Russian Supreme Court ruling on LGBT includes use of feminist language

Russian Supreme Court ruling links feminist language to LGBT activism




The full text of the Supreme Court’s ruling on LGBT (the movement has been designated as extremist and banned in Russia) has appeared on the web.


Last November, the Russian Supreme Court designated the international LGBT social movement as extremist. The Court hearing was held in closed session, with its decision becoming effective immediately.


On 18 January, the Saratov-based agency Svobodnye Novosti published the full text of the Court’s ruling. According to the agency, the 19-page document “formed part of administrative infraction charges and was provided to those in charge of the proceedings by a law enforcement representative”.


The Supreme Court ruling noted that the LGBT movement had emerged in the United States in the 1960s “as part of a birth control policy that, among other things, encouraged non-traditional family relationships” and appeared in our country in 1984. In spite of the fact that the movement is not registered in Russia, its activities have now spread to 60 regions of the Russian Federation. “Nearly 300 people, who have been promoting LGBT ideology and taking part in the movement’s activities, have been identified by the authorities”, says the document.


The Court’s decision states that “While publicly declaring its mission to defend LGBT people against violence and discrimination and to prevent HIV/AIDS and other diseases, what the movement is really doing is promoting an ideology that destroys traditional values of family and marriage by seeking full moral equivalence of non-traditional sexual relationships with conventional ones, wants to legalise same-sex marriage, and creating awareness in the minds of the public for the ability of same-sex couples to be able to adopt and raise children, supported by legislation”.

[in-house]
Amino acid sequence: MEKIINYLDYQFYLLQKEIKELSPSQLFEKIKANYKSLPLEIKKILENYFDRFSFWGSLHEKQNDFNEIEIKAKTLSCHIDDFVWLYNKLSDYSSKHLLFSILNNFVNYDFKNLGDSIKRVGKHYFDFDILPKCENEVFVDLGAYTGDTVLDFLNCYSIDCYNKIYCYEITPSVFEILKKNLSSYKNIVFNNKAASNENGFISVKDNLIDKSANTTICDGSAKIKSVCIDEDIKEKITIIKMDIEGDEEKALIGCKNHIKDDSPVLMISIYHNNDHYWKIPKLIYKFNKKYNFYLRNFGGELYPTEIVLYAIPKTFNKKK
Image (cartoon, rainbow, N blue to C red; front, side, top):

The document also describes the main characteristics of members of the LGBT movement. “Its members are guided by certain beliefs, customs and traditions (e.g. gay pride marches), shared lifestyles (especially in their choice of sexual partners), common interests and needs, as well as a particular language (the use of feminine versions of words such as leader, director, author, psychologist)”.


The text goes on to say that “The international LGBT social movement is in essence a destructive and ideological means of influencing people, including youngsters. It threatens national demographics, sows the seeds for society’s self-destruction, weakens family ties, damages the nation’s moral wellbeing, and imposes ideas that involve the denial of human dignity and the value of human life”.


The Court’s ruling includes a six-band coloured flag, a pink and black triangle, a lambda and gender signs as symbols of the LGBT movement.




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